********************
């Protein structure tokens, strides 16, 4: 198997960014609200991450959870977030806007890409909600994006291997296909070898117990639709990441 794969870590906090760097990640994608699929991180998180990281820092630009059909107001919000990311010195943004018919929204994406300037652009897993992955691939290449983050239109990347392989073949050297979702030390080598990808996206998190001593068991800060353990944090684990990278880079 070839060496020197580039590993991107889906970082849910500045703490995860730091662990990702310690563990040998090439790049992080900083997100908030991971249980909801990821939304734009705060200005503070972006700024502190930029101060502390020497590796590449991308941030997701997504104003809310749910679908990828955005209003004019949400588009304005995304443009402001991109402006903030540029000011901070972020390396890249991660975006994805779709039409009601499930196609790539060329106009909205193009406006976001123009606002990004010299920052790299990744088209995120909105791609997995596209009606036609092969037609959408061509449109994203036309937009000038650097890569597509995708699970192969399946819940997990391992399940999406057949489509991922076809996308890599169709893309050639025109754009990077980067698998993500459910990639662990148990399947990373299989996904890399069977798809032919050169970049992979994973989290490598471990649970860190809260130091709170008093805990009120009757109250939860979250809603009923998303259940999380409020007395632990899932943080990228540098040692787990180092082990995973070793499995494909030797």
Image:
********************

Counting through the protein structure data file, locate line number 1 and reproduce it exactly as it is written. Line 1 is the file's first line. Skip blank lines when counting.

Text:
């Protein structure tokens, strides 16, 4: 198997960014609200991450959870977030806007890409909600994006291997296909070898117990639709990441 794969870590906090760097990640994608699929991180998180990281820092630009059909107001919000990311010195943004018919929204994406300037652009897993992955691939290449983050239109990347392989073949050297979702030390080598990808996206998190001593068991800060353990944090684990990278880079 070839060496020197580039590993991107889906970082849910500045703490995860730091662990990702310690563990040998090439790049992080900083997100908030991971249980909801990821939304734009705060200005503070972006700024502190930029101060502390020497590796590449991308941030997701997504104003809310749910679908990828955005209003004019949400588009304005995304443009402001991109402006903030540029000011901070972020390396890249991660975006994805779709039409009601499930196609790539060329106009909205193009406006976001123009606002990004010299920052790299990744088209995120909105791609997995596209009606036609092969037609959408061509449109994203036309937009000038650097890569597509995708699970192969399946819940997990391992399940999406057949489509991922076809996308890599169709893309050639025109754009990077980067698998993500459910990639662990148990399947990373299989996904890399069977798809032919050169970049992979994973989290490598471990649970860190809260130091709170008093805990009120009757109250939860979250809603009923998303259940999380409020007395632990899932943080990228540098040692787990180092082990995973070793499995494909030797």